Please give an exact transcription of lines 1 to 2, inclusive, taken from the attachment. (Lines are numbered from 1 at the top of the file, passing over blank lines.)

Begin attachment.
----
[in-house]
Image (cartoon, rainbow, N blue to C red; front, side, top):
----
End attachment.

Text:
[in-house]
Image (cartoon, rainbow, N blue to C red; front, side, top):